From which words one can clearly see how the apostles understood the command of Christ from Matthew, as related above, namely, that as they went forth they should teach all nations, that to Christ is given all power in heaven and in earth, and that forgiveness of sins in his name should be given to everyone who, believing on his name, should do righteous works from a changed heart. After the receiving of this teaching and the descent of the Holy Spirit, which was evidenced to those who had heard the word of Peter by the speaking in tongues, they were thereafter poured over with water, meaning that just as they also were poured over with water externally to signify for the inner cleansing and dying to sin.[6]

This interpretation harmonizes with Erasmus’ famed paraphrases compiled from Matthew and the Acts of the Apostles. Erasmus wrote:

After you have taught them these things, and they believe what you have taught them, have repented their previous lives and are ready to embrace the doctrine of the gospel [in their life], then immerse them in water, in the name of the Father, the Son, and the Holy Ghost, so that by this holy sign they may believe that they have been delivered freely through the benefit of my death from the filthiness of all their sins and now belong to the number of God’s children.[7]

While the mode of baptism differ, the overall thinking parallels, namely that teaching consisting of the fundamental elements of Christianity should precede baptism. Evidence of regeneration manifested in good works should already be present in the candidate’s life prior to baptism as well. One of those indicators of authentic faith is their desire to obey the Lord Jesus’ Great Commission. That being to make disciples in the same fashion that they were carried through the initiation. Obedience should be one of those elementary principles instilled in the candidate and to the Anabaptists going out preaching, teaching and making disciples was one of the foremost things communicated.

From all this we see that preparation and investment is the key to disciple making. The Christian must not feel that it is not their place to evangelize or at the very most invite an unbeliever to their church so the pastor can evangelize the person from the pulpit. This was the folly of the Magisterial Reformers.[8] Every Christian is a minister and has an obligation to make disciples. Jesus said that the two most essential commandments were ““The most important one,” answered Jesus, “is this: ‘Hear, O Israel: The Lord our God, the Lord is one. Love the Lord your God with all your heart and with all your soul and with all your mind and with all your strength.’ The second is this: ‘Love your neighbor as yourself.’ There is no commandment greater than these”” (Mark 12:28-31NIV).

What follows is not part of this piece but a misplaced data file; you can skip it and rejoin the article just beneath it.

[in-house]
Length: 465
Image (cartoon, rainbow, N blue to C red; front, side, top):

Therefore, if we are to love our neighbor to such an extremely personal degree then a genuine believer will invest the time in personally proclaiming to them the gospel, if they show interest the believer will teach them the finer rudimentary points of the Christian faith. They will also prepare them for baptism and finally in listing but not importance emphasize obedience manifested in good works, the chief being making disciples.


[2] Franklin Hamlin Littell, The Anabaptist View of the Church: A Study in the Origins of Sectarian Protestantism, Dissent and Nonconformity 11 (Paris, Ark: Baptist Standard Bearer, 2001), 110.

[3] Ibid., 111.

[4] Ibid., 109.

[6] Felix Manz, Petition of Defense (1524), quoted in Abraham Friesen, “Acts 10: The Baptism of Cornelius as Interpreted by Thomas Müntzer and Felix Manz”, Mennonite Quarterly Review 64, no. 1 (January 1, 1990): 7.

[7] Desiderius Erasmus, “Paraphrases of the New Testament,” in Desiderii Erasmi Roterodami Opera Omnia (1706; repr. Hildesheim, Leiden: Brill, 1962), 7:146, quoted in Abraham Friesen, Erasmus, the Anabaptists, and the Great Commission (Grand Rapids, Mich.: W.B. Eerdmans Pub., 1998), 50-51.

[8] Rick Warren, “The Anabaptists and the Great Commission: The Effect of the Radical Reformers on Church Planting,” in The Anabaptists and Contemporary Baptists, Restoring New Testament Christianity: Essays in Honor of Paige Patterson (Nashville, TN: B&H Academic, 2013), 85-86.